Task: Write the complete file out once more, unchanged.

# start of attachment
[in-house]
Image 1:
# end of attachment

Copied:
[in-house]
Image 1: